When the parents of a child who is under the age of 18 go through a separation, they have the responsibility for the child. The Family Law Act 1975 determines the rights of children and responsibilities that each of the parents has to ensure the child’s best interests are in order. Equal shared parental responsibility does not consist of equal time spent with the children. Instead, equal shared parental responsibility requires the parents to consult each other and make an effort to make the best decisions in a joint fashion. Decisions may include:
- Education/choice of school
- Religious affiliations
- Healthcare decisions
- The Child’s name
The presumption of equal shared parental responsibility has the Court create a parenting order. The order will layout the time the child spends with each of their parents. As stated before, the time does not have to be equal and if the child will only be spending substantial time with one of their parents. This could entail that the child will spend most of their time living with one parent and then only spending some time with the other parent. The Court’s main decision will be in the best interest of the child and not the parents. Considerations the court may make include:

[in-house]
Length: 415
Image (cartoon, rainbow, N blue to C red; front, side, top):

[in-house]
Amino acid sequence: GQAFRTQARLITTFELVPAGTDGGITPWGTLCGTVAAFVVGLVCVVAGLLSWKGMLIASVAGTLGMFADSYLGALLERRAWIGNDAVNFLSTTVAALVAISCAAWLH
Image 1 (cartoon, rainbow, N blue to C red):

- Meaningful relationships with both parents
- Protecting children from physical and psychological harm
- Child’s maturity level
- The willingness of each of the parents involved
- Any family violence
- Substance abuse
- And mental health issues
Before applying to the Court, parents must participate in mediation and take steps to try and resolve the matter. When the Court does order a presumption, it does not apply for all circumstances. When spending time with each parental figure, decisions such as bedtime, what the child eats, and television shows the watch does not have to be joint decisions. It is to the discretion of the parent that has custody of the child during that time. Whether you are in the mediation process or trying to gather information to help with the Court’s decision, it is best to find a legal professional who can help advise you.
**This article is for informational purposes only and is not intended to be legal advice. In relation to your individual situation, always seek advice specific to your circumstances from a lawyer.